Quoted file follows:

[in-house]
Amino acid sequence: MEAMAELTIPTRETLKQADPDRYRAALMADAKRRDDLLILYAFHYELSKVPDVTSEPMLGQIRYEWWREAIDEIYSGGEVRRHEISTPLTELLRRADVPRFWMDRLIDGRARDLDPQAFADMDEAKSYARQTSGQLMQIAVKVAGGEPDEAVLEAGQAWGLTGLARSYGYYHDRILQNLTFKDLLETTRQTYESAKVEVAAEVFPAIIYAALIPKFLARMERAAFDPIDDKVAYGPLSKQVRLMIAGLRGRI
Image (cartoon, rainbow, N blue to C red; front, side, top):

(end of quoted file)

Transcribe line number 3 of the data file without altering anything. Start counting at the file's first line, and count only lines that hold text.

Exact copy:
Image (cartoon, rainbow, N blue to C red; front, side, top):